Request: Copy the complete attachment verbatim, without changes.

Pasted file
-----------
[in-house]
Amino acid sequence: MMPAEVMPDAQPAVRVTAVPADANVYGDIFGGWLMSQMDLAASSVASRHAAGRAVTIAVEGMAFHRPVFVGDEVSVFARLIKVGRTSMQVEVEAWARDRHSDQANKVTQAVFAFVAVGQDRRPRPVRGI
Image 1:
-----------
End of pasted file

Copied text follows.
[in-house]
Amino acid sequence: MMPAEVMPDAQPAVRVTAVPADANVYGDIFGGWLMSQMDLAASSVASRHAAGRAVTIAVEGMAFHRPVFVGDEVSVFARLIKVGRTSMQVEVEAWARDRHSDQANKVTQAVFAFVAVGQDRRPRPVRGI
Image 1: